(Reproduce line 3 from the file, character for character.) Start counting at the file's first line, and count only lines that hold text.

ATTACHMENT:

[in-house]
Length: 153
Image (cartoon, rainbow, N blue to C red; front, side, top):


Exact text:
Image (cartoon, rainbow, N blue to C red; front, side, top):